Resilience by Design: Improving Hospital Functionality Following Earthquake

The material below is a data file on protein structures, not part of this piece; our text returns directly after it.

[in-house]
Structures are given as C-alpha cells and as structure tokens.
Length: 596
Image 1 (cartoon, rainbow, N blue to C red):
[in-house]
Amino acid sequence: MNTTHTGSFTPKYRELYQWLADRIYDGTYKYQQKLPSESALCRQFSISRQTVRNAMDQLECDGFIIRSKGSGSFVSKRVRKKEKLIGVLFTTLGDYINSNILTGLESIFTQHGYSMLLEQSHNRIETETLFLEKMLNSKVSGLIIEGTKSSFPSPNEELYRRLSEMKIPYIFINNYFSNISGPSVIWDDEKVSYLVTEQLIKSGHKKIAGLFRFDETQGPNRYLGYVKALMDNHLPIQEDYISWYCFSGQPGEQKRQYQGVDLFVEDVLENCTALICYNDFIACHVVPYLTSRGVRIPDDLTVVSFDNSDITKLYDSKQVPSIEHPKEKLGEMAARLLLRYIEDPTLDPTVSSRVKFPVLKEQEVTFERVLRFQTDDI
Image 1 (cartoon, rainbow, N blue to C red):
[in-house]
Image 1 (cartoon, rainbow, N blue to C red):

Hospitals are a critical component to community resilience following disasters. Hospitals need to be able to provide needed medical assistance to people injured during the earthquake and continued care to those already in the hospital. Recent policies and guidelines have emphasized the need for hospitals to remain operational following a major disaster. To remain functional, it is critical to understand what types of physical damage contribute to losses of specific hospital services and the loss of the hospital as a whole. In addition to structural damage, damage to nonstructural components such as suspended ceilings, partition walls, and piping, can severely hinder the hospital’s ability to continue providing life saving treatment. The necessity of hospitals to continue to operate and function following an earthquake highlight the need to move beyond code design and beyond performance-based design. Performance-based design moves beyond code-based design by considering the potential damage and downtime of the building. However, it does not provide needed information on the ability of critical facilities, such as hospitals, to continue to operate in the presence of minor to moderate nonstructural damage. Thus, a further level of understanding and analysis is required to accurately predict realistic functionality of a hospital immediately after an earthquake and during the recovery period. Resilience-based design add an additional level of analysis that maps physical damage to actual hospital services and operations to provide a depiction of what real time functionality of a hospital will actually be.
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